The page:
The Sadigh is one of New York’s biggest ancient art and artifact galleries. Featuring works from all around the world – and across a wide swath of ancient history – it’s perfect for art lovers and history buff alike.
Find out more about the Sadigh Gallery here.
The Fergus McCaffrey Gallery is world-renowned for its curation of postwar Japanese art – it’s considered the New York epicenter for this specific genre. Also featuring plenty of contemporary American and European pieces, one can get lost for hours at this gallery.
Find out more about the McCaffrey Gallery here.
The Tibet House
With a focus on preserving the art and culture of Tibet, the Tibet House is loaded with thousands of artifacts for this ancient diaspora culture. Created at the request of his holiness the Dalai Lama, the tibet House is practically created for those interested in Buddhism, and the storied history of Tibet.
Find out more about the Tibet House here.
Leslie Lohman Museum of Art
The Leslie-Lohman Museum of Art focuses on the creative pursuits of the LGBTQ population, both in abstract and contemporary styles, and graphical styles.
Find out more about the Leslie Lohman Museum of Art here.
Museum of Modern Art
The Museum of Modern Art – otherwise known as MOMA – needs no introduction. It’s one of the world’s best modern art museums, open to all forms of creative expression, no matter how benign or graphic.
Find out more about the MOMA here.
The New Museum
The New Museum in New York City focuses on the abstract and contemporary work of living artists. One can expect truly mind bending work aimed at expanding the consciousness and challenging prejudices.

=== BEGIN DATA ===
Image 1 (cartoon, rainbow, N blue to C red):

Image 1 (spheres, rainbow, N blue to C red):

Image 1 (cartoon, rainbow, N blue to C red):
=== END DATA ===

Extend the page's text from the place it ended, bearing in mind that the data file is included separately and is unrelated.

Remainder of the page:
Find out more about The New Museum here.
High Line Nine
High Line Nine is a gallery that explores the intersection of art and design. Equal parts art gallery and graphic design gallery, anyone who loves graphic works will love it here.
Find out more about High Line Nine here.
The Queens Museum is the premier arts destination for one of New York’s most culturally and ethnically diverse boroughs. Often featuring work from Black and LatinX artists, it’s a true blend of high art and urban life.
Find out more about the Queens Museum here.
The Museum of Street Art
This museum explores the art many don’t consider art – street art. With contributions from street art creatives from around the world, you can step into what many consider the underbelly of art to experience a higher form of urbanism only this art form can provide.
Find out more about the Museum of Street Art here.
Museum of Arts and Design
The Museum of Arts and Design – known as MAD – focuses on functional art and physical pieces with uses beyond their beauty. For loves of product design, fashion, and art, this is a must-see feast for the eyes.